¾

establish critical aspects of the audit of

non-current assets and investments

¾

identify sources of evidence for intangible assets (including development costs), non-current assets and investments

¾

select appropriate audit procedures for inclusion in a work program relating to financial statement assertions concerning tangible non-current assets.

(15)

23 Inventory

As one of the more material account balances, inventory is an important area. Whilst it is unlikely that a question will appear in every paper, it is broad in scope and presents many areas for the examiner to set a question.

If you are “in audit” and have never attended a physical inventory count, see if you can arrange to go on one before you start your revision. If in commerce, try and arrange to participate in a count if possible. You will remember more from experience.

After studying this session you should be able to:

¾

explain the importance of inventory;

¾

describe physical inventory counting procedures;

¾

explain “cut-off”;

¾

value inventory; and

¾

select appropriate audit procedures for inclusion in a work program relating to financial statement assertions concerning inventory.

39 – 41

24 Trade receivables

Do Example 1 (you should find these get easier). If your firm carries out direct confirmations

(“circularisations”), see if you can get involved in one before your revision. Appreciate the need to be specific when describing how you would test receivables. After studying this session you should be able to:

¾

explain risks of misstatement associated with

trade receivables;

¾

identify sources of audit evidence;

¾

appreciate and explain the importance of

control a/c reconciliations; and

¾

select appropriate audit procedures (including

(16)

25 Loans, bank and cash

Compare the standard request for a bank report for audit purposes with any you encounter in practice. Questions will be set on bank & cash directly, but they have also been set in other contexts eg small businesses and even cash collection controls required in a charity. After studying this session you should be able to

¾

identify risks and appropriate sources of

evidence

¾

suggest cash control objectives and recommend internal control procedures

¾

describe methods used to collect audit

evidence to verify loans, bank and cash (including the bank reconciliation)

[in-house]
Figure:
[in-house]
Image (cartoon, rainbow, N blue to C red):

¾

state the standard information requested in a bank confirmation request letter

¾

select appropriate audit procedures (including bank confirmations and reconciliations) for inclusion in a work program.

44 & 45

26 Trade payables, accrued expenses and provisions Although a relatively shorter session, payables are no less examinable than receivables. Make sure you appreciate the directional testing differences compared with receivables.

After studying this session you should be able to

¾

distinguish between

‰ trade payables and accrued expenses ‰ provisions per IAS 37and allowances

against asset values

¾

identify risks of misstatements and sources of evidence

¾

select appropriate audit procedures (including

(17)

27 Small businesses and not for profit organisations This Session does not introduce any new technical material. It simply draws on those aspects of earlier topics which are of particular relevance to small businesses. Always remember that the larger the company, the greater the need for internal controls. Whilst core business controls will still be required, the integrity of management often plays a key role in the small business audit approach.

After studying this session you should be able to

¾

determine areas of audit risk in a given small

entity and describe the types of evidence expected to be available;

¾

recommend appropriate internal controls;

¾

apply suitable audit procedures to small

businesses and not-for-profit organisations.

49 – 51

28 Communications with management and those charged with governance